• From the mobile detectors, the highest PM2.5 readings were during cell searches or inspections (max 753.6μg per m3), in residential corridors or landings (max 436.4μg per m3), and recreational areas (309.7μg per m3). These are places where inmates are allowed to smoke, or immediately adjacent.
  • There was second-hand smoke exposure for staff in staff offices (max 42.9μg per m3), with levels lower in teaching areas (15.5μg per m3), gyms (8.7μg per m3) and reception areas (4.1μg per m3).
  • One hundred and of 149 staff had signs of second-hand smoke exposure when comparing their pre-shift and post-shift salivary cotinine measurements. It was estimated that staff had been exposed to average PM2.5 concentrations of 24.8μg per m3, which correlates closely with the levels from the detectors.

What does current guidance say on this issue?

The Scottish Prison Service (SPS) intends all prisons in Scotland to be smoke-free by the end of 2018.

The deadline announcement made specific reference to the results of this study (Tobacco In Prisons study) in terms of a strong and detailed rationale to act.

Tobacco will stop being sold and the SPS will seek to make changes to the Prison Rules to make smoking in Scotland’s prisons illegal. SPS will seek to develop a range of support systems to help people in prison to quit.

From 2nd May 2016, all prisons in Wales became smoke-free. Prisons in England are also in the process of becoming smoke-free. The ban does not include electronic cigarettes.

What are the implications?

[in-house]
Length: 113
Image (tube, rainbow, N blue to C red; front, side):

The detailed exposure data from this study provides evidence to support smoke-free prison policies to minimise staff and prisoner exposure to second-hand smoke.

The implementation of new smoke-free prison policies or legislation will likely increase the demand on local Stop Smoking Services.

The smoke-free policies will have pragmatic hurdles to overcome. Quitting may increase the risk of irritability and depression in a vulnerable prison population. The need to eliminate all second-hand smoke exposure needs to be balanced against maintaining prison order and safety within existing facility constraints. Local plans are being put in place to address these issues.

Citation and Funding

Semple S, Sweeting H, Demou E, et al. Characterising the Exposure of Prison Staff to Second-Hand Tobacco Smoke. Ann Work Expo Health. 2017;61(7):809-21.

This project was funded by the National Institute for Health Research Public Health Research Programme (15/55/44).


ASH Wales. Smokefree prisons. Cardiff: Action on Smoking and Health Wales; 2015.

PHE. Smoking in prisons: management of tobacco use and nicotine withdrawal. London; 2015

SPS. Creating a Smoke Free Prison Environment. Edinburgh: Scottish Prison Service; 2017.

The Guardian. Prison Smoking Ban Overturned By Court Appeal. London: The Guardian; 2016.

Produced by the University of Southampton and Bazian on behalf of NIHR through the NIHR Dissemination Centre